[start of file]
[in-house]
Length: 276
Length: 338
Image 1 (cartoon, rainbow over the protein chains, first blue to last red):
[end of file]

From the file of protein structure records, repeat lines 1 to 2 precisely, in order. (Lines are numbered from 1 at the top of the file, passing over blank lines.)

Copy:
[in-house]
Length: 276